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Clinical experience of rigid bronchoscopy in single center.

Kim HJ, Kim SW, Lee HY, Kang HH, Kang JY, Kim JS, Kim MS, Kim SS, Kim JW, Yun HG, Kim CH, Kim KH, Moon HS, Cho KJ, Moon SH, Lee SH - Tuberc Respir Dis (Seoul) (2012)

Bottom Line: In all cases of stent, airway obstructive symptom improved immediately.Granulation tissue formation was the most common complication.Rigid bronchoscopic procedures, at least tracheal silicone stenting, should be included in pulmonary medicine fellowship programs because it is a very effective and indispensable method to relieve critical airway obstruction which needs training to learn.

View Article: PubMed Central - PubMed

Affiliation: Department of Internal Medicine, The Catholic University of Korea School of Medicine, Seoul, Korea.

ABSTRACT

Background: The aim of this study was to analyze clinical situations requiring rigid bronchoscopy and evaluate usefulness of rigid bronchoscopic intervention in benign or malignant airway disorders.

Methods: We retrospectively reviewed 29 patients who underwent rigid bronchoscopy from November 2007 to February 2011 at St. Paul's Hospital, The Catholic University of Korea School of Medicine.

Results: Of the 29 patients, the most frequent underlying etiology was benign stenosis of trachea (n=20). Of those 20 patients, 16 had post-intubation tracheal stenosis (PITS), 2 had tracheal stenosis due to inhalation burn (IBTS) and other 2 had obstructive fibrinous tracheal pseudomembrane (OFTP). Other etiologies were airway malignancy (n=6), endobronchial stenosis due to tuberculosis (n=2), and foreign body (n=1). For treatment, silicone stent insertion was done in 16 cases of PITS and IBTS and mechanical removal was performed in 2 cases of OFTP. In 6 cases of malignant airway obstruction mechanical debulking was performed and silicone stents were inserted additionally in 2 cases. Balloon dilatation and electrocautery were used in 2 cases of endobronchial stenosis due to tuberculosis. In all cases of stent, airway obstructive symptom improved immediately. Granulation tissue formation was the most common complication.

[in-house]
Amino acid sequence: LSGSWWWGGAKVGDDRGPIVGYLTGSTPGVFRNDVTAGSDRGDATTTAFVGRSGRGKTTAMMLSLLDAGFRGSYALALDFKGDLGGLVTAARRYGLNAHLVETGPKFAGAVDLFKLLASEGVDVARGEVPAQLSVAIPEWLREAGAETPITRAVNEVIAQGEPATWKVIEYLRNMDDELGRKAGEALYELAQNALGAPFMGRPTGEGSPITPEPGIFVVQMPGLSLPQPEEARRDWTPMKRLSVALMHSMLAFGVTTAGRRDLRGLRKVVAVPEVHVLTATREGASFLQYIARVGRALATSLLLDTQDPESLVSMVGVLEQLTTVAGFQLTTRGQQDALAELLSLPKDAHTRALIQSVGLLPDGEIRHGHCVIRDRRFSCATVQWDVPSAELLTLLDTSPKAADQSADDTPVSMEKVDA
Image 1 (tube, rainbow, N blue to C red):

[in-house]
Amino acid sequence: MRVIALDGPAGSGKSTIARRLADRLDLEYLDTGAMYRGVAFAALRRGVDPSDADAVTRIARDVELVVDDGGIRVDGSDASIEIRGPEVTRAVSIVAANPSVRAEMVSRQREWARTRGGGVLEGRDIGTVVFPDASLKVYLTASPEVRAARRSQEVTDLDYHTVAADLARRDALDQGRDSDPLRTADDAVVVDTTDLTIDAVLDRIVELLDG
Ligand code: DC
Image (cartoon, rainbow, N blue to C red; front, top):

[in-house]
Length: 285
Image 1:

Conclusion: Tracheal stenosis was most common indication and silicone stenting was most common procedure of rigid bronchoscopy in our center. Rigid bronchoscopic procedures, at least tracheal silicone stenting, should be included in pulmonary medicine fellowship programs because it is a very effective and indispensable method to relieve critical airway obstruction which needs training to learn.

No MeSH data available.


Related in: MedlinePlus

Rigid bronchoscopic intervention for other etiologies.
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Figure 3: Rigid bronchoscopic intervention for other etiologies.